As a family law attorney, Thomas Tebeau certainly has the expertise to take care of a divorce -- contested or not -- or set up a will for your estate. But that's not his true passion.
Instead, the Columbus resident's heart lies in connecting people who -- for various reasons -- can't have a biological child of their own. That's why he chooses to handle as many adoptions as he can, estimating that about a third of his practice now comprises that area of law.
The Congressional Coalition on Adoption Institute cites statistics that estimate the number of children in the foster care system nationwide is approaching 400,000. Of those, it says, nearly 102,000 are eligible for adoption, but roughly a third can expect to wait more than three years for that to happen.
U.S. State Department figures show more than 7,000 children were adopted across the country in 2012, with the adoptees from both America and foreign countries. That indicates a major disparity between those needing to be adopted and the lucky ones who ultimately make it through the process.
The Ledger-Enquirer visited with Tebeau recently at his office in The Joseph House on Broadway to discuss his job in the adoption field, the process itself, and the emotional moments that come with it. This interview has been edited a bit for length and clarity, with an expanded version at www.ledger-enquirer.com.
Family law is the best way to encompass it. But a lot of my practice is devoted in one way or another to representing the rights of children in the legal system, not just within family law adoptions, but in probate court we're doing guardianships up there. Then I get guardian ad litem appointments here and there to represent children. And I work in juvenile court a good bit and, of course, that involves kids.
That's the court well known for the late and honorable Judge Aaron Cohn?
It is. I tell people that I think juvenile court is the hardest court that I practice in because of the subject matter and what's at stake down there. It's hard a lot of times.
I do. I have to be careful about making that claim because I'm not sure what we can say about it with advertising and all of that. Adoption files are sealed, so it's not like a report comes out. But I know how many I do and I know how many are done every year overall, and from that I think that over the last few years I've done probably more than anybody.
How many would that be?
I would estimate between 80 and 100 adoptions are done in our six-county circuit every year, which I kind of thought that number might be a little higher. In some larger areas, you can have a practice built entirely on adoptions. But you can't here unless you're going to get all 80 of them and nobody's going to do that. But I think probably a good third of my practice is adoptions.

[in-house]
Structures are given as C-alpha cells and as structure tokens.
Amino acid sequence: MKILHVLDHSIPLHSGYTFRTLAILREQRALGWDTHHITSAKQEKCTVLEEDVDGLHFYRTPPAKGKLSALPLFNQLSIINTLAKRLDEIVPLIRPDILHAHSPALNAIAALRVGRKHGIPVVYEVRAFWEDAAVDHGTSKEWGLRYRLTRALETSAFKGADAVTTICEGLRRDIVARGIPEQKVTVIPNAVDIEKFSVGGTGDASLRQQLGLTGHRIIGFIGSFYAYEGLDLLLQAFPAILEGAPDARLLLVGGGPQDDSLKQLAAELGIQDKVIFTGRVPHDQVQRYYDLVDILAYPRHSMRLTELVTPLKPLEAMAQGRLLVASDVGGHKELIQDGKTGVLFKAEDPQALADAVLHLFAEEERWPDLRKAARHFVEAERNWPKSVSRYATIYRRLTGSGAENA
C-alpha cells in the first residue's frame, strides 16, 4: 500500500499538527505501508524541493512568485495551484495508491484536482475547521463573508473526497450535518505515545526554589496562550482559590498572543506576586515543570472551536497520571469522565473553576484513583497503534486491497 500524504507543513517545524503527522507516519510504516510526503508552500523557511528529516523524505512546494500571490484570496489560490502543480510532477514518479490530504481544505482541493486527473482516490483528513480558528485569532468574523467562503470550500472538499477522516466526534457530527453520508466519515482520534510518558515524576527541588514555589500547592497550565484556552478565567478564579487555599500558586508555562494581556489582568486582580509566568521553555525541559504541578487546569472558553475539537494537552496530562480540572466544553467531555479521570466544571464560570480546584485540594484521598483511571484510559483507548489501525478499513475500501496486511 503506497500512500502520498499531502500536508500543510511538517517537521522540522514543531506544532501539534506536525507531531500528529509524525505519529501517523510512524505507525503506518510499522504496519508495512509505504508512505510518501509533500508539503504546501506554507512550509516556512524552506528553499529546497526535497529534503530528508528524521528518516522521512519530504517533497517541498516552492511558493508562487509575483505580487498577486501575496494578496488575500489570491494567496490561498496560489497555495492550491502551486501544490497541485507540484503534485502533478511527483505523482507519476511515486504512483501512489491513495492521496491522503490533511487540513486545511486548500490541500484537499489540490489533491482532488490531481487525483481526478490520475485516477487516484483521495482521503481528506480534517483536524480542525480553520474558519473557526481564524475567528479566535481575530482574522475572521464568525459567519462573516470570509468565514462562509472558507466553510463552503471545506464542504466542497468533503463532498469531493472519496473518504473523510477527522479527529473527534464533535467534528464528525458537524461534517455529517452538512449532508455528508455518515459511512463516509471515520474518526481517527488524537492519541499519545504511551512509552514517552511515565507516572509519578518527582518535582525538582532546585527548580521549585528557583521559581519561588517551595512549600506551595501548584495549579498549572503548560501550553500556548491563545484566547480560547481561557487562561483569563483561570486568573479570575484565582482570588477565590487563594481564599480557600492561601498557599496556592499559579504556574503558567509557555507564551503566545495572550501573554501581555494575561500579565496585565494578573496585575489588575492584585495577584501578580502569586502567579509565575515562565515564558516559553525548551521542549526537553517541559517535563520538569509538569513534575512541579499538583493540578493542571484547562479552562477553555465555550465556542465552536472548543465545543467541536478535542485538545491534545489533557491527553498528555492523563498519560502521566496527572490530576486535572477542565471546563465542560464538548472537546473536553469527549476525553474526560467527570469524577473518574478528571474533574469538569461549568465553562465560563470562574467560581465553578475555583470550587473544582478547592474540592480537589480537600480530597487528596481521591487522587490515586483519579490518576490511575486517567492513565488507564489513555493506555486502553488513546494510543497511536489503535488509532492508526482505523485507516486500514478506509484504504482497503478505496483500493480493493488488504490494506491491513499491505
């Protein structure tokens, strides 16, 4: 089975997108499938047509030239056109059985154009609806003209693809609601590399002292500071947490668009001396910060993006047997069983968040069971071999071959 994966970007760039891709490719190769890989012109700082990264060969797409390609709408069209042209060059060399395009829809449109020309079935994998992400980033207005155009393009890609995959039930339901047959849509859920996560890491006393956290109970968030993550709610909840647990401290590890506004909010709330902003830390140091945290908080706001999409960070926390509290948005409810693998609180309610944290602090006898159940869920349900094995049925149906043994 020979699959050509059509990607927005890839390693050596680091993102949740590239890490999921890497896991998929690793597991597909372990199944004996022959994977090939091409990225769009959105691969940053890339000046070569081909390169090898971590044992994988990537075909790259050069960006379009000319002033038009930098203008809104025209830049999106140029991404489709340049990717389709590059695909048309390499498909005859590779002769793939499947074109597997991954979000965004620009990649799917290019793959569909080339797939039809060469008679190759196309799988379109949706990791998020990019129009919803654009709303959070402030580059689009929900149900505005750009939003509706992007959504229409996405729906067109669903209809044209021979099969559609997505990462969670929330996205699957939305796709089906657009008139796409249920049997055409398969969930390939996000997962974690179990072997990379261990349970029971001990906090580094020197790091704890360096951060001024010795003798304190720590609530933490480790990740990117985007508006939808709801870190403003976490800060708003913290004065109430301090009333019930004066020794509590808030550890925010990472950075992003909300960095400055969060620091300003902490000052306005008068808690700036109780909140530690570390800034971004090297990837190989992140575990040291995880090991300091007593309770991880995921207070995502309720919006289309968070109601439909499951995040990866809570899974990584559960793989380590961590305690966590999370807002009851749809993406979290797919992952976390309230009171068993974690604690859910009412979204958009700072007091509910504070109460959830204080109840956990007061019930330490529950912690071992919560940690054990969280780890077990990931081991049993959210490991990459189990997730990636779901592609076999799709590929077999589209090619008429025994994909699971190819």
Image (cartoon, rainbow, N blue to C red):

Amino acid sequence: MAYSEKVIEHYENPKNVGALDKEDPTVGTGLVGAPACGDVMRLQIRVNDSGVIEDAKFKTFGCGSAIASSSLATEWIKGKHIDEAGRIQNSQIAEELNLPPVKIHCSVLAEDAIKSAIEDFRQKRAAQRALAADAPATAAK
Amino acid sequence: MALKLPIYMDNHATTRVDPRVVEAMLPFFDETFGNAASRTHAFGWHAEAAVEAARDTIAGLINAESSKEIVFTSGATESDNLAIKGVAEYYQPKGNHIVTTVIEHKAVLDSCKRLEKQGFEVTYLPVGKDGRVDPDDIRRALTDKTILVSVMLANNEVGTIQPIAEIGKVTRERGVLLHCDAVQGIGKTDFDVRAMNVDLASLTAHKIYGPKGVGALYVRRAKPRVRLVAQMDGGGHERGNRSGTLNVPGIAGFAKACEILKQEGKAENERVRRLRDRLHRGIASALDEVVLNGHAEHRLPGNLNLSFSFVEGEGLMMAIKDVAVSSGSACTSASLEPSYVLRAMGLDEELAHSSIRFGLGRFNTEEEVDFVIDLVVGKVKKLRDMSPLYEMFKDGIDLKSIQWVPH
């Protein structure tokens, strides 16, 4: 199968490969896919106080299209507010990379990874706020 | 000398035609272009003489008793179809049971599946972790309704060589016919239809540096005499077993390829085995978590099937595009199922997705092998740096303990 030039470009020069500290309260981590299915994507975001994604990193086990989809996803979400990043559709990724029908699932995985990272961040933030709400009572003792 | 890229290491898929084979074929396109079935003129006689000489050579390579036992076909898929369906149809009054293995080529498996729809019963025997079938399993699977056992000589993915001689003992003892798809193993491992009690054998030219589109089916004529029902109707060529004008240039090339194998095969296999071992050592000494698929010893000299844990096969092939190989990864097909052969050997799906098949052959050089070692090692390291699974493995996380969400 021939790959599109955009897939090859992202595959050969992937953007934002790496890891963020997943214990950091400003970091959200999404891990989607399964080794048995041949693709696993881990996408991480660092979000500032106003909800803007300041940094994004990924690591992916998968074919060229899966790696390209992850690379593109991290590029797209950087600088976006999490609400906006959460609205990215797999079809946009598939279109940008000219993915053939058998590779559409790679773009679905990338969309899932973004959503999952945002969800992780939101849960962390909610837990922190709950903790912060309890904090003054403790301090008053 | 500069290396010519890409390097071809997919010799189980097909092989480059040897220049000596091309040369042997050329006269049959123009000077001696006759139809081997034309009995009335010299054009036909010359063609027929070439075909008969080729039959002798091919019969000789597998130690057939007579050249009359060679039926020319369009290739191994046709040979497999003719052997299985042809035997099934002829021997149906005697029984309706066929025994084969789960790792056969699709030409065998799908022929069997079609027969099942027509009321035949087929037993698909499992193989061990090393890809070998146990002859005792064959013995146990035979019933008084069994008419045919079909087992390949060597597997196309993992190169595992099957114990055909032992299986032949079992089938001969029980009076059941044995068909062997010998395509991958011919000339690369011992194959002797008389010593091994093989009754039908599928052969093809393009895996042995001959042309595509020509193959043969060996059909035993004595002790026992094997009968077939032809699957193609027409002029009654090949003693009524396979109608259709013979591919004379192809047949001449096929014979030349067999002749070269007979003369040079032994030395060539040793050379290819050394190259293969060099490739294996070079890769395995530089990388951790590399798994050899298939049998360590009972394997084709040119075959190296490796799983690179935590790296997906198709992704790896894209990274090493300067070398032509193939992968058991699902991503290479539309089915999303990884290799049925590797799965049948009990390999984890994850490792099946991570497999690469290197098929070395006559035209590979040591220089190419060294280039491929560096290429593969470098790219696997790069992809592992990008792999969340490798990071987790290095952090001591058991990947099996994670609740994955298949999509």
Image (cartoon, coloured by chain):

At any given time how many adoptions are you handling?
Right now I've got probably more than I've ever had at one time and we're handling about 20. That's kind of a high water mark for us.
Sure. The best thing probably is to talk about the different kinds of adoptions. A lot of them originate through juvenile court, where kids have been taken into state custody and, for whatever reason, they're not able to be reunited with their parents. I don't have a good number on those, but we do anywhere from 10 to 15 a year.
I want to put a plug in, too, for the need for folks who are interested in adopting who might want to adopt a kid from out of the state system. This morning I was asking the juvenile court clerk ... I think there's 380, give or take a few, kids in state custody in this county alone right now. Of those, more than half of those kids are in foster care with non-relatives.
So we've got a huge shortage of families that are willing to be foster parents, and then we're always looking for people who would be willing to adopt. Of those 380 kids, many of them will make it back to their mothers and fathers; they'll be returned. And then some of them will end up being with relatives. But a certain population of them will end up needing to be adopted.
From babies all of the way up to kids over the age of 14. When they get a little closer to 18 you don't see as many. But I can think of one we did last year for a 16 year old, and every now and then we do those who are older.
Why do we not have enough folks wanting to adopt or be foster parents?
Part of me thinks there's just not enough awareness of the need, and I think there are a lot of families out there who know about it or might peripherally know about it, but not know about how to go about volunteering for it or becoming certified and getting in touch with the right folks at (the Department of Family and Children's Services).